Real Talk

Blog by Associate Colette Parker

I’m trying to be civil, but it is becoming increasingly difficult.

I’m trying to accept that some people simply don’t know what they don’t know; but sometimes I think they don’t want to know?

I’m sorry – not sorry – that if one more (white) person tells me that navigating this issue of systemic racism is exhausting and uncomfortable, I may “lose my religion” (you can ask one of your southern friends to translate, if you don’t know what this means).

Please be assured that your discomfort does not mean that you are in danger. And it can’t begin to compare to the “discomfort” (which could be related to actual danger) that Black and brown folks experience each and every day. And don’t even get me started about the exhaustion.

Anyway, while I pause to restore a little decorum, I have given some inquirers a few things to ponder/research:

  • The Civil Rights Movement never ended.
  • Racism is systemic (but that doesn’t exempt individuals from being racist).
  • America was founded on genocide, slavery, and oppression.
  • We are still dealing with the lasting effects of slavery and America’s (fictional) view on race.
  • Forty-one slave owners signed the document declaring “all men are created equal.”
  • Abraham Lincoln declared that “there is a physical difference between the white and black races” which “will forever forbid the two races from living together on terms of social and political equality.”
  • White supremacy is not confined to cross-burnings, lynchings, and using the n-word.
  • Black folks and white folks have been taught the same revisionist history.
  • Black and brown lives have been minimized in a number of ways, including redlining, the war on drugs, gerrymandering, the gutting of the Voting Rights Act, accessing quality healthcare and securing equitable educational opportunities.
  • Black and brown people are still fighting for their full humanity.

And if that isn’t enough, help me answer this question: Why do white folks want to jump over the hard personal work of mitigating the impact of white supremacy to get to (half-baked) “solutions”?

Posted in Associate Blog, News

40 responses to “Real Talk

  1. Well my dear friend. Powerful words are placed in this article that you wrote. Powerful feelings are expressed in this article that you wrote. Most of all the Powerful Truth was written in this article you wrote. As Dominicans and having Veritas as our powerful word we are dedicated too, I am so grateful that you spoke your truth and are calling us to embrace our truth.
    Sometimes I just need to be reminded of the truth I embrace and the truth where we all need to be.
    Thank you for saying what is on your mind. I stand hand in hand with you. Well done.

  2. As I read your blog and now I keep thinking WHY IS IT TAKING SO LONG? So many stories come to mind — I want to share some with you.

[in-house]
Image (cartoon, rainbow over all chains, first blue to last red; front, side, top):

3. Collette, thank you for the way you engage us while you speak the truth in which you stand. Would that we could all do that together. Perhaps it would free us from the bias that holds us captive.

  4. Dear Connie,
    Hope you know that we, your Dominican sisters of Peace and Associates are with you. It is the “Truth” that sets us free”. Racism has a long history and will take a long time for healing. So please believe your sisters are grappling with the issue and will continue to do so with God’s grace to make the necessary changes we can. Thank you for your blog and blessings and peace.

  5. Many thanks to each of you for reading this Holy Spirit inspired blog. It is sometimes difficult to “lay bare my soul.” Your comments affirm, for me, the power of the Holy Spirit and the fact that God is spiritually active in our world today. I am so humbled by and grateful for God’s favor. As one of my wise spiritual directors says: “You are in my will, meaning I will pray for you.”

  6. Amen, Amen, Amen!

    Discomfort is understating the reality for sure. You want to know what unceasing prayer looks like, speak to a mother of a Black son or daughter in their younger years. In those years where mistakes and miss steps will happen. When they are still taking risk that for white kids can be seen as “kids being kids” but criminalized for children of color. Try to imagine the internal thunder of your heart pounding through your chest as your child leaves the house, that you in turn must learn to calm or become overwhelmed by anxiety and fear to a point of insanity. The only real tethering you have to any hope is in the Lord – that the Lord will protect your babies and give you the strength to live through whatever “may” happen due to the “free will” or people who see them as less than… Yes unceasing prayer is a reality you better know or loose your mind. So again Colette, I say Amen and thank you for saying what many of us are feeling.